I thank you for not pushing the FI thing, With all the research i've done on these beauties the group consensus over at FordSix.com, and The H.A.M.B (aka Jalopy Journal) is that yes 600cfm is a bit too big for an otherwise stock 300, but with vacuum secondaries it'll only draw as much as it needs. With some left over for future upgrades. You say that the stock one barrel of around 200-250cfm was plenty good enough for a 300? Well when you do the maff it checks out that a 300 is best suited around 390cfm which is why everyone is so pro Holley 390 along with the dual port. The 390 is a good carb and all, not one of my personal favorites (sacrilege i know, lol) but many have noted better fuel economy and better power from an eddy 500, 600, or even the few that have done a Summit 600 like mine. They all report back that throttle response with the Summit 600 is a night and day difference to anything else even the stock fuel injection. Annular boosters. Gotta love 'em. These engines love fuel/air and they were quite malnourished from the factory even in FI form. With a little work these things eat V8's for breakfast. Put a 1bbl off a 300 on a 302 and see how it runs. Probably wont be very impressive. The 300 is 50 cubic inches per cylinder vs 37.75 cubic inches for the 302. Wouldn't that mean it would need more fuel/air???? hmmmmmmm..... no hard feelings, or ill intentions, just wanting to stop the stigma that these poor undercarbed engines deserve the little fuel/air they get cuz "it's all they need". Discussions are great, they help bring about all kinds of info for people to learn. If you have any evidence of me being wrong please, by all means let's see it and ill go sit in the corner with my little dunce cap on. I'm no expert on these engines by any means, but i have read and talked to many people that are, and this is what they say. lol Yeah you can run a small carb on an engine that wants a bigger one and get away with it. Will it work? Yeah, but it won't be working to it's full potential. Just food for thought.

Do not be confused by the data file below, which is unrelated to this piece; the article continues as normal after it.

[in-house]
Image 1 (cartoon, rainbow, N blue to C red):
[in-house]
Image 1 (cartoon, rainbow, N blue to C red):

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Old 09-16-2018, 01:52 PM